Hong Kong’s pro-democracy camp swept district council elections in a landslide victory on Monday in what is widely seen as a referendum on months of anti-government protest.
Pro-democracy parties are set to control 388 of 452 available seats and 17 out of 18 district councils, in some cases unseating all pro-establishment candidates.
While the district councils are mostly concerned with community affairs, they are represented in the group of 1,200 electors who will select the next chief executive in 2022.
Hong Kong leader Carrie Lam said in a statement that the vote appeared to “reflect people’s dissatisfaction with the current situation and the deep-seated problems in society.”
Pro-democracy candidates did particularly well in some of the areas hit hardest by anti-government protests over the past five months even as the city has been pushed into a recession amidst dwindling tourist figures.
Wong Tai Sin district, whose residents were famously tear-gassed for heckling riot police, is now completely controlled by the pro-democracy camp.
Democrats also did well in Yuen Long, Tai Po, and Sha Tin districts, the sites of some of the most intense and violent confrontations between protesters and police.
Chinese Foreign Minister Wang Yi told reporters in Tokyo that “any attempts to undermine the stability and prosperity of Hong Kong will end in failure” after a meeting with Japan’s Prime Minister Shinzo Abe, according to Kyodo News.
During the meeting, Abe emphasized the “importance of a free and open Hong Kong prospering under the ‘one country, two systems’ principle,” according to Japanese government spokesman Yoshihide Suga.
High-profile activist Joshua Wong, who was barred from running in the elections, called the results “historic” on Twitter.
“Every way you look at it, this is historic. As our city plummets from being semi-autonomous to semi-authoritarian, we react by showing what’s DEMOCRACY IN ACTION,” he wrote.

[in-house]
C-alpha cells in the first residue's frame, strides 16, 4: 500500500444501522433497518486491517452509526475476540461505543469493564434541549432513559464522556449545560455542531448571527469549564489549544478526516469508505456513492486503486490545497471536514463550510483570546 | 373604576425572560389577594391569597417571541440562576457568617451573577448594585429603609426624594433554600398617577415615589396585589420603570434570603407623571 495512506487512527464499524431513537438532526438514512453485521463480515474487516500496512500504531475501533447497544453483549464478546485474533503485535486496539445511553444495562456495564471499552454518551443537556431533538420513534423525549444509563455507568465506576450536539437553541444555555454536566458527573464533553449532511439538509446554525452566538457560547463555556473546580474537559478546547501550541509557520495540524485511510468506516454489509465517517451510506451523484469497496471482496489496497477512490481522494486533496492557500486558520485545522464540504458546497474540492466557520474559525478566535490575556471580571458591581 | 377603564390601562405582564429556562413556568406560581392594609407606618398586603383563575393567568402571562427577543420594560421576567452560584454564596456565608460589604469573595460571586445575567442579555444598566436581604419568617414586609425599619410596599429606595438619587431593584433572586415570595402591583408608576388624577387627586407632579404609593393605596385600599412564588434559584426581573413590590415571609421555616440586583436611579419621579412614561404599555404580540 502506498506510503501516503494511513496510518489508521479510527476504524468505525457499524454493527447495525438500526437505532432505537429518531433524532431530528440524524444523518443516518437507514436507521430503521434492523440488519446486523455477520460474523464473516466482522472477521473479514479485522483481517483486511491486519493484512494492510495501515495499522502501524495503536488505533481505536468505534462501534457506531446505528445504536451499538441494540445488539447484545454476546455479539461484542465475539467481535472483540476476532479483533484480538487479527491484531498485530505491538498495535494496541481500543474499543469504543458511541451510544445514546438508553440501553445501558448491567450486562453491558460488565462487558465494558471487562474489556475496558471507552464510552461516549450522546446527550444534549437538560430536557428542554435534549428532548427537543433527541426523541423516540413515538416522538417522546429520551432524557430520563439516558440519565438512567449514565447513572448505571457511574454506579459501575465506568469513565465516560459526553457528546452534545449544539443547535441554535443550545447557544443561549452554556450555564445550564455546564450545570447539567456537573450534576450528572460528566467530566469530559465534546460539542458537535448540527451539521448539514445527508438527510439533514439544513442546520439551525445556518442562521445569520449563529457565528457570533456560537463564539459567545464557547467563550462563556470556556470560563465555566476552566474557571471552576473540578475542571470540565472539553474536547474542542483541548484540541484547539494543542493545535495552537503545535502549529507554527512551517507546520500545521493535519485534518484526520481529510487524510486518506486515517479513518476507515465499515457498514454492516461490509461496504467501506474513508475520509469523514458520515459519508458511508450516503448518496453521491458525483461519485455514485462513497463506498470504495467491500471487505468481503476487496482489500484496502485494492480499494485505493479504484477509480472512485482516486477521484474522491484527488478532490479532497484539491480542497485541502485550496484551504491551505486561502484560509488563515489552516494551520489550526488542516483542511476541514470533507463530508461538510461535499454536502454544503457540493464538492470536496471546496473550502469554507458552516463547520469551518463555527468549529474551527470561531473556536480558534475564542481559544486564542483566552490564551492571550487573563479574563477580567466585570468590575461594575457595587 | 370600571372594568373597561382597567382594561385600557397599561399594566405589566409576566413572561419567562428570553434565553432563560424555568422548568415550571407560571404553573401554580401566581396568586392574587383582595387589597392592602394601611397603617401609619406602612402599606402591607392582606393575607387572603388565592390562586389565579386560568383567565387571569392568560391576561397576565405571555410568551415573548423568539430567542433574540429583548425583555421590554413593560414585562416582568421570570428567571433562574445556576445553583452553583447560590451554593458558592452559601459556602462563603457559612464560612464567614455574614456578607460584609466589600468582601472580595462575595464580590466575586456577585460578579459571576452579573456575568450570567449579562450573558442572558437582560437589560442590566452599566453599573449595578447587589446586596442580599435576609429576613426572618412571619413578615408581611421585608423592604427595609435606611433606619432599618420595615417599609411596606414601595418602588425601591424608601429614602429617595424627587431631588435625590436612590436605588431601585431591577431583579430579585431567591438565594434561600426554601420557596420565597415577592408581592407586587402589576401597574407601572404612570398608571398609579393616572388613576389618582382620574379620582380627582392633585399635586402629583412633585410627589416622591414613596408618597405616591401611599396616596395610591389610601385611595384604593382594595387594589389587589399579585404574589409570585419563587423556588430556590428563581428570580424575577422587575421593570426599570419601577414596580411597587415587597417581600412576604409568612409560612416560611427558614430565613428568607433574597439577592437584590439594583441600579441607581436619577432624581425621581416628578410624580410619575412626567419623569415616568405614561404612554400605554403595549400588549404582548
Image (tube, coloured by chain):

Prominent Democratic and Republican U.S. politicians, including senators Marco Rubio and Elizabeth Warren, also hailed the results.
Much of the pro-democracy camp’s success is partly due to a successful voter drive conducted during protests that saw more than 1 million people added to the voter list.
Election officials said that more than 2.9 million of 4.1 million eligible voters cast a ballot in the elections in a 71 per cent voter turnout, a record for the district council elections.
The former British colony has been hit by weekly protests since early June when the government attempted to amend its extradition laws concerning mainland China.
The proposed law instead prompted hundreds of thousands of people to take to the streets for the past five months as the government failed to defuse tensions.
Earlier this month, universities across Hong Kong were forced to cancel the end of their semester after thousands of students and protesters occupied campuses.
Protests began in Hong Kong over legislation that would have allowed residents to be extradited to mainland China, but they have since come to represent a mass movement against the local and Beijing governments and police violence.
Many protesters expressed concern that the draft extradition bill was a sign that Hong Kong was losing to China the autonomy which the former British colony was promised for 50 years when it returned to Chinese sovereignty in 1997.
Hong Kong is a special administrative region of China under the “one country, two systems” arrangement until 2047.